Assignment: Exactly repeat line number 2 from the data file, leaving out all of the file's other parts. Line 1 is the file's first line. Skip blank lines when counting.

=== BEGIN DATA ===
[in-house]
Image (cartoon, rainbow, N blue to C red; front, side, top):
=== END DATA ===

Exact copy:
Image (cartoon, rainbow, N blue to C red; front, side, top):